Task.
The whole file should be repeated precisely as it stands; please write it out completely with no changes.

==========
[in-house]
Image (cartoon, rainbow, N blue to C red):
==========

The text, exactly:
[in-house]
Image (cartoon, rainbow, N blue to C red):